They are self-fashioned revolutionaries who summon the spirit of Karl Marx. They call upon the ghosts of intellectual luminaries like philosopher Ludwig Wittgenstein and developmental psychologist Lev Vygotsky, fashioning their linguistic and psycho social discoveries into a home brewed concoction called social therapy.
Social therapy challenges the dominant psychological paradigm by rejecting the individuated self as a myth, no more than a social construct. It focuses not on the individual psyche, but on the social therapy group as the “unit of growth.” The social therapist treats the group itself, not its individual members, and as the group grows and develops, so do those that comprise it.
Development is the key, the panacea for every emotional challenge, every relational issue, every societal and political problem, the fulcrum to lift the world beyond its atrophied state of non developmental being to a growthful, transcendent level of ongoing transformation.
The magic lies in the ZPD, the Zone of Proximal Development, the social environment created by the social therapy group and the facilitators who guide the group in its process of transformation and growth. The ZPD was a discovery of Vygotsky, whose research showed that the linguistic development of children was an inherently social process. Social therapy generalizes this discovery to the therapeutic realm, holding that adults grow emotionally and socially by creatively imitating those who are more advanced in their development. Humans are inherently imitative by nature, so give them an opportunity to imitate those more developed than themselves, more advanced, and they grow.
Does social therapy cure the emotional ills that ail you? Or, as some claim, is it a surreptitious way to insinuate the political ideas and ideals of a group of sixties leftists into the hearts and minds of its vulnerable patients using as a ruse the stated aim of helping them to “develop?”
The late Dr. Fred Newman, the philosopher, playwright and activist who created social therapy, wasn't one to be coy about his politics. Nor was he inclined to draw firm distinctions between politics and therapy or anything else, for he considered such distinctions to be false. To him, therapy was inherently political because political values underlie the purpose and aims of therapy. Social therapy was based on some very explicit political values.
Social therapy is about nothing less than revolution. But not the kind of revolution involving guns and bearded rebels. Revolution that starts by mobilizing the revolutionary potential of those who join the social therapy group to become the active creators of their own lives. Once they do this, they are only one step away from spreading that revolutionary fervor to the rest of the world via social therapy's sibling enterprises, a youth development program called The All Stars Project and an independent political movement based on the same foundational premises. Development is the key - in therapy, in culture, in politics.
Dr. Newman was indeed a brilliant man, a “world-class thinker,” as he was routinely described at the seasonal “institutes” that provided him a forum for addressing his flock. A Stanford trained philosopher turned activist, playwright and political power broker, Newman parlayed his Marxist-Leninist sympathies for the downtrodden and disenfranchised into significant artistic, academic and political achievements. Several books about his social therapeutic approach, numerous political plays, a youth development program for inner city kids and a political movement that helped elect Michael Bloomberg mayor of New York City three times all sprouted under his direction, with the help of his devoted followers. Not lightweight accomplishments, and all worthy of admiration and respect.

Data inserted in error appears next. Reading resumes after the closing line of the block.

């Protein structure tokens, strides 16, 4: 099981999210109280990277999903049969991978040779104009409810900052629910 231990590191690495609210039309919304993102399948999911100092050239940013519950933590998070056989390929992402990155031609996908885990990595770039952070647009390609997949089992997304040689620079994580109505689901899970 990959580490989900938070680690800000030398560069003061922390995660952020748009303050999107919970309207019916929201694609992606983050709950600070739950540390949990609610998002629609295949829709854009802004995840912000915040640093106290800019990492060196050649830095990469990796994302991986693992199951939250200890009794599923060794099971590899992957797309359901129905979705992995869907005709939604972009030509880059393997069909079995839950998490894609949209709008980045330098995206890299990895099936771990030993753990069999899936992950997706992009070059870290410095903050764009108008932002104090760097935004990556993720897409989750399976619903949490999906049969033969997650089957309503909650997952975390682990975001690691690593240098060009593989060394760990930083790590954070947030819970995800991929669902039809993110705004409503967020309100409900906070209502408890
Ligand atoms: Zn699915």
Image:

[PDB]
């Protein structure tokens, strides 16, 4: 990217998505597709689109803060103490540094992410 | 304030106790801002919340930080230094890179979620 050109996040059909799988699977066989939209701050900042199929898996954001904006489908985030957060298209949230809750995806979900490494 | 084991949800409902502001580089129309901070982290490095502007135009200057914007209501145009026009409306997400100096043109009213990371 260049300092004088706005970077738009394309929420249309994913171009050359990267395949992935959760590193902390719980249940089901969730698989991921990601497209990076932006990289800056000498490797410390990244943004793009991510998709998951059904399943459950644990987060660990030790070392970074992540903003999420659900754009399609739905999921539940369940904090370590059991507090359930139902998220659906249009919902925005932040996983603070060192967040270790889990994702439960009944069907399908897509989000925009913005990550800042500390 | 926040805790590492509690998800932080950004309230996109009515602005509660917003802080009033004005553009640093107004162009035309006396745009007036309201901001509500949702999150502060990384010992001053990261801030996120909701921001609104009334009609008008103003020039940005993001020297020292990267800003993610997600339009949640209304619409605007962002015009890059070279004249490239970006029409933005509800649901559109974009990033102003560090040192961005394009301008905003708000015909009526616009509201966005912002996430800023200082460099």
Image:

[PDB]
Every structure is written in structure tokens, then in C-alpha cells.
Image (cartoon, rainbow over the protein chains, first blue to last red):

The social therapy group was for many the entree into Fred Newman's psycho-politial world. Many of those who worked closely with him over the years came to him as therapy clients, including some who became his lovers and live in partners. The fact that people joined in Newman's political and cultural efforts after coming in contact with social therapy raised many an eyebrow of those critical of Newman's community, the reason being that people in therapy are often needy and vulnerable to manipulation. Such concerns fell on deaf ears in the Newman community, responded to with the rejoinder that therapy patients should not be related to as weak and incapable of making their own choices.
This is a questionable assumption. Yes, therapy clients are able to make choices, but the choice to make any major life change, particularly one as far reaching as joining a left wing activist community that demands an ideological commitment from its members, is best made when one is strong in one's life, not when one is weakened by emotional distress and difficulty. When your life is in crisis and you are confused and unhappy, you are not dealing from a position of strength. In fact, you are in no condition to sensibly consider devoting heaps of time and energy to a community trying to change the world.
My own backstory goes like this: I noticed a classified ad in the back pages of a local weekly that read something like - We don't plumb the depths of your psyche. We help you make choices and move on with your life. It was just what I wanted to hear. I did not want to make a long-term commitment to psychotherapy. I wanted a quick solution.
I called the number in the ad and made an appointment. The therapist, I'll call her Martha, was a bird like woman in her late 40's with short wavy blonde hair. Martha was pleasant, a very nice woman, and I explained to her that I was in a romantic relationship and wanted out, but I just didn't have the nerve to do it. Help me get out of this relationship, I told her.
This demand led to numerous questions, such as, Why do you want out of the relationship? and Why do you find it hard to do on your own? and What does the rest of your life look like? A few weeks became a few months and before I knew it I had joined a therapy group where, I was told, I would get the help I needed to break up with Miriam and build my life.
"How long do you think I'll need to be in group til I am cured?" I asked Martha, as if inquiring about the length of a jail sentence.
"About six months," she said.
Six months (and not a minute more) seemed tolerable, I said, although it sure wasn't the short-term deal promised in the ad.